Driving tens of thousands of miles a year to shoe horses, the American farrier depends on the nation’s public roadways. Over the next 5 years, farriers can expect to see more construction zones pop up on heavily traveled roads and bridges.

The Biden administration’s $1.2 trillion infrastructure bill, known as Infrastructure Investment and Jobs Act, was signed into law Monday. It calls for spending $110 billion over the next 5 years on roads, bridges and major infrastructure. Of that amount, $40 billion is earmarked for bridge repair and replacement. It is the largest amount spent on bridge construction since work began on the Eisenhower Interstate system in the 1950s.

The American Society of Civil Engineers (ASCE) reports that roads are improving, but much work must be done. The organization grades American infrastructure as a C- in its 2021 Report Card. It is the first time it has scored outside of the D range in 20 years.

“While that in an incremental, small improvement, it still is not something to write home about,” Tom Smith, executive director of the ASCE, told CNN when the Report Card was released in March. “It’s certainly not a grade that you’d be proud of.”

While the ASCE report finds that 43% of the nation’s roads are in poor or mediocre condition, White House officials say 20% of highways and major roads, as well as 45,000 bridges, are in poor condition.

In addition to addressing roads, bridges, rail and transit, the legislation establishes a pilot program to “test the design, acceptance, implementation and financial sustainability of a national motor vehicle per-mile user fee.”

The federal government relies on the federal fuel tax to pay for transportation infrastructure. However,  last year there were about 1.8 million electric vehicles in the U.S., which accounts for 0.005% of registered vehicles. It’s estimated that each electric vehicle accounts for $97 annually in federal fuel taxes that are not collected — or a total of $174.6 million. In addition, the Biden administration is pushing for 50% of new car sales to be electric, fuel-cell and plug-in hybrids by 2030.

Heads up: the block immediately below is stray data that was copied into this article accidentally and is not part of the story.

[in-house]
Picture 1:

The volunteer pilot program will collect miles traveled information from third-party on-board diagnostic (OBD-II) devices, smartphone applications, telemetric data collected by automakers, motor vehicle data from insurance companies, states that received grants from the Obama administration’s Fixing America’s Surface Transportation (FAST) Act, fueling stations and “any other method that the Secretary [of the Treasury] considers appropriate.”

During the pilot program, the secretary will annually determine per-mile user fees for passenger cars, light trucks and medium- and heavy-duty trucks. The amount likely will hit rig-driving farriers harder since they conceivably are responsible for increased wear and tear on public infrastructure. However, the legislation does not indicate how it will determine whether a farrier trailer is regularly used. Other factors that will be considered in the amount of the fees include “safety, congestion, the environment, or other related social impacts.”

One year after the pilot program launches, the treasury secretary will report its results to Congress and determine its feasibility.

The potential replacement of the fuel tax with a road-use tax received mix reviews from the farriers. Some 49% of farriers say that a switch to a mileage-based road tax will negatively affect their hoof-care business, according to an American Farriers Journal poll. Another 43% say it's too early to know how it will affect their business. Some 4% say it will positively influence their business, while another 4% say it will have no effect.

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